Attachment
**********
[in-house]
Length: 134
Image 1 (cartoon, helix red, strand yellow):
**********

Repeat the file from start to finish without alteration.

[in-house]
Length: 134
Image 1 (cartoon, helix red, strand yellow):